Joining that Transformers fan club opened up my world of collecting to unprecedented levels. My hobby had never been so exciting… or so expensive! Fellow collectors from all over the world would send me photocopied newsletters, and Hasbro USA and Takara catalogues, so I could see all of the Transformers toys that were never available in the UK.

I even started buying magazines like Tomart’s Action Figure Digest and Action Figure News & Toy Review to read their sporadic (often black and white) Transformers features and obsessively read through their price guides.

Also in 1995, I obtained my driver’s licence and would often borrow my mum’s car on a Friday afternoon (my sixth form timetable meant I had every other Friday afternoon free to, ahem, study) to head to as many toy shops as I could. My journey would range from Toys R Us in Nottingham to the Jolly Giant in Lincoln and back again before she needed to be picked up from work.

Jolly Giants always seemed to have the best choice of Transformers, including many of the Chinese editions that were available in the 1990s, from Headmasters to Clones, to Cassettes and more!

Pool Boy
One way to pay for robots

By the time I was at university, from 1996-2000, I had true freedom to travel up and down the country to meet ups and comic cons. Having my own transport meant I could come and go as I pleased and my only limit was the money I had in my pocket.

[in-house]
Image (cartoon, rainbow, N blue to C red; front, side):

I would regularly travel up to Memorabilia at the NEC and find all manner of Beast Wars The Second and Beast Wars Neo toys to add to my Beast Wars collection.

I went to university in Bristol, and there was one particular shop — Global Collectibles — that I would visit just about every Saturday. Every so often, I would find absolute gold. On one particularly memorable visit, I found two of the Ominibots still sealed in their original bags (that’s how they came, because they were mail-away exclusives). I paid £80 for both of them which, at that time, felt like an obscene amount of money! The following year, at BotCon Europe 1999, I bought the third Omnibot (Overdrive) from The Spacebridge and gleefully completed the set!